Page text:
As the markets opened this morning, they quickly fell in the red, but an unexpected move by Standard & Poor's gave investors confidence to push stocks higher. The credit-rating agency uprgaded the U.S.' debt rating from "AA+ negative" to "AA+ stable." This is a sign that the agency sees less risk ahead for the economy and the U.S. government.
The news has helped the Dow Jones Industrial Average (DJINDICES:^DJI) recover from steeper losses to a minor six-point drop by 12:55 p.m. EDT, while the S&P 500 (SNPINDEX:^GSPC) sits at breakeven. And the Nasdaq holds a slight lead, up 0.2%. But even on such a yawn-worthy day of trading, some stocks are lagging the market.
Despite my colleague Dan Caplinger's prediction that Caterpillar (NYSE:CAT) will announce an increase to its dividend on Wednesday, shares of the Cat are down 0.9% today. The company is also one of the Dow's most hated stocks: Short interest in the company is at 4%, and Sean Williams explained over the weekend why investors don't much care for the stock right now, knocking its price down 6.2% year to date to make it the worst-performing component on the blue-chip index. Sean noted that weak coal and precious-metal prices have really hurt the heavy-equipment manufacturer, but Sean feels Caterpillar is a good bet for the long-term investor, and I must agree with him.
In the technology world, shares of both Microsoft (NASDAQ:MSFT) and Hewlett-Packard (NYSE:HPQ) are slipping today. Big softy is down 1%, while turnaround hopeful HP has dipped 0.6%. Both stocks have had a fabulous run year to date: Microsoft is up 32.84% and Hewlett-Packard has risen 71.79%. Today's drops could just be the result of investors taking profits as we move deeper into the slower summer months.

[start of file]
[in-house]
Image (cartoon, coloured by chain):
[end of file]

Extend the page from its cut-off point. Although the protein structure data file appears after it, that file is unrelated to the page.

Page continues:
My colleague Evan Niu, however, noted this weekend that HP has been shifting away from the so-called "Wintel" relationship it has with Microsoft and Intel and toward Google's Android, Apple's iOS, and ARM-based chips. This shift could hurt surely hurt Microsoft and Intel, but I believe it also could damage HP's relationship with its customers. Consumers who have owned and grown attached to HP devices but now can't find similar devices may buy elsewhere. The chips may not be a huge problem, but the software may prove a serious issue, as many customers don't want to learn a whole new operating system.
Fool contributor Matt Thalman owns shares of Microsoft. The Motley Fool owns shares of Microsoft. Check back Monday thru Friday as Matt explains what caused the Dow's winners and losers of the day, and every Saturday for a weekly recap. Follow Matt on Twitter @mthalman5513. Try any of our Foolish newsletter services free for 30 days. We Fools may not all hold the same opinions, but we all believe that considering a diverse range of insights makes us better investors. The Motley Fool has a disclosure policy.